National Science Foundation
Search NSF News:
 
{NSF_SLIDER}
NSF Main
NSF News
NSF Funded Research News
 
News by Research Area
Arctic & Antarctic
Astronomy & Space
Biology
Chemistry & Materials
Computing
Earth & Environment
Education
Engineering
Mathematics
Nanoscience
People & Society
Physics
 
At nsf.gov
Contacts Page
Multimedia Gallery
Media Advisories
Publications
Special Reports
Awards Search
Science & Engineering Stats
NSF & Congress
About NSF
RSS Feed RSS Feed
Back to EurekAlert! A Service of the American Association for the Advancement of Science
  News From the National Science Foundation
The National Science Foundation (NSF) — For more information about NSF and its programs, visit www.nsf.gov

NSF Funded News

Key: Meeting M      Journal J      Funder F

Showing releases 76-100 out of 951.

[ 1 | 2 | 3 | 4 | 5 | 6 | 7 | 8 | 9 | 10 | 11 | 12 | 13 | 14 | 15 | 16 | 17 | 18 | 19 | 20 | 21 | 22 | 23 | 24 | 25 | 26 | 27 | 28 | 29 | 30 | 31 | 32 | 33 | 34 | 35 | 36 | 37 | 38 | 39 ]

Public Release: 18-Jul-2016
Proceedings of the National Academy of Sciences
Scientists cut 'Gordian knot' in the human genome
Females have two X chromosomes in each of their cells. Fully unfolded, each copy is two inches long. One of these two X chromosomes is inactive -- its genes are turned off. This copy folds into a structure called the Barr body, a mysterious configuration that was discovered in 1949. Recently, scientists have shown the Barr body contains massive superloops bringing DNA sequences at opposite ends of the chromosome together inside the nucleus of a cell.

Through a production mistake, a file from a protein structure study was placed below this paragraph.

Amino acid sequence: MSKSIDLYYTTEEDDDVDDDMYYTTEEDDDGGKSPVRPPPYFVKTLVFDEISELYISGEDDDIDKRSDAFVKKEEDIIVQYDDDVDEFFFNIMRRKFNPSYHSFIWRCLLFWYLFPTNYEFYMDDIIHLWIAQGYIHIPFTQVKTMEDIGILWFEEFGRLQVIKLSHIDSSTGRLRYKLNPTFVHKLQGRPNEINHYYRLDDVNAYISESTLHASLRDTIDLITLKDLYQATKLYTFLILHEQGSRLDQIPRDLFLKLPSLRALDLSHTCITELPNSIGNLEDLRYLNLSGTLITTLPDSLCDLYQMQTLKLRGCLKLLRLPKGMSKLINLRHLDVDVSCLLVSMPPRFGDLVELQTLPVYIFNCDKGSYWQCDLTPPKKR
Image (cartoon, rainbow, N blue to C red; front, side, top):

NIGMS, National Science Foundation Graduate Research Fellowship, NIH, NSF Physics Frontier Center, NHGRI Center for Excellence for Genomic Sciences, NVIDIA Research Center, IBM University Challenge Award, Google Research Award, Cancer Prevention Research

Contact: Allison Huseman
allison.huseman@bcm.edu
713-798-4710
Baylor College of Medicine

Public Release: 18-Jul-2016
Nature Geoscience
Researchers create means to monitor anthropogenic global warming in real time
A research team simulated in a computer model, for the first time, the realistic evolution of global mean surface temperature since 1900. The researchers also created a new method by which scientists can measure and monitor the pace of anthropogenic global warming, finding that the contribution of human activities to warming in the surface waters of the Pacific Ocean can be distinguished from natural variability.
National Science Foundation, NOAA

Contact: Robert Monroe
scrippsnews@ucsd.edu
858-534-3624
University of California - San Diego

Public Release: 18-Jul-2016
Proceedings of the National Academy of Sciences
Synthetic membranes created to mimic properties of living cells
Biochemists at the University of California San Diego have developed artificial cell membranes that grow and remodel themselves in a manner similar to that of living mammalian cells.
National Science Foundation

Contact: Kim McDonald
kmcdonald@ucsd.edu
858-534-7572
University of California - San Diego

Public Release: 18-Jul-2016
Nature Communications
Tiny transformers: Chemists create microscopic and malleable building blocks
Taking a page from Jonathan Swift's 'Gulliver's Travels,' a team of scientists has created malleable and microscopic self-assembling particles that can serve as the next generation of building blocks in the creation of synthetic materials.
National Science Foundation

Contact: James Devitt
james.devitt@nyu.edu
212-998-6808